Spotlight: The Greening of Economic Development
April 2015 Newsletter
There was a time where people who wanted to grow their own crops or buy an electric vehicle were on the fringes of society. That has all begun to change. Doing things in an environmentally friendly way has gone mainstream. Restaurants can charge top dollar for serving sustainable foods from local farms, and Tesla can charge $80,000 for an electric vehicle – and people are paying it. LEED certification for businesses and homes has become a sort of status symbol. People are rightly demanding more sustainable and eco-friendly options, and that change is reflected in economic development projects and priorities at the local and federal levels at every step along the way.
The city of Austin, Texas has an ambitious zero waste goal and has undertaken a number of projects in and around the city to meet it. In July 2014, EDA awarded the city of Austin a $1 million grant to help build infrastructure for the Austin [re] Manufacturing Hub, which will allow recyclables to be transformed into new products locally. Currently, many of the recyclable items collected in the city are sent overseas for manufacturing, which uses significant resources for transportation and provides job opportunities for other countries. By keeping these items in Austin, the [re]Manufacturing hub will help create jobs and investment from waste-based industry in the Central Texas region. In fact, the grantee estimates that more than 1,000 jobs will be created by recycling and reuse companies.
In addition to making existing processes greener and more efficient, it’s crucial that green products and technology make it to market in the first place. Sustainability and green technology is a major focus for entrepreneurs, but they need capital to get off the ground. The Chicago-based Clean Energy Trust offers business development support to clean energy startups by bringing together entrepreneurs with potential funding sources. Recently, it was announced that EDA will support the Clean Energy Trust through a $250,000 cluster seed capital fund grant under its 2014 Regional Innovation Strategies program.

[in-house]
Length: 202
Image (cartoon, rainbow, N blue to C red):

As new technologies come to market, there is the issue of what to do with existing technologies and power sources, like coal. The President’s FY 2016 Budget proposes the POWER Plus (POWER+) Plan to increase and align a range of federal resources and programs to target assistance to coal communities and workers, address important legacy costs in coal country, and drive the development and deployment of lower carbon coal technology. EDA will be leading the coordination of the POWER initiative and the POWER+ plan. A major element of POWER+ is supporting Carbon Capture, Utilization and Sequestration (CCUS) technologies through tax credits. Specifically, the Administration is proposing $2 billion in new refundable investment tax credits (ITCs) for new and existing electric generating units that deploy advanced CCUS technologies. To qualify, new power plants must capture and store at least 75 percent of their emissions, and existing power plants must capture at least 75 percent of emissions from the units to which the eligible investment is applied. The Administration is also proposing new sequestration tax credits (STCs) for each ton of carbon dioxide that is permanently sequestered. The STCs would be guaranteed for 20 years of operation and the credit rate would be indexed for inflation. These tax credits would be particularly important for coal-fired power plants. This proposal recognizes that coal will continue to be an important part of the energy mix in this nation and around the world. As such, we must accelerate the development and deployment of CCUS technologies to ensure a sustainable future for the coal industry and for the success and affordability of global carbon mitigation efforts.
Economic development is a continuum, and today there is a desire and an effort to support green practices at all points along that continuum.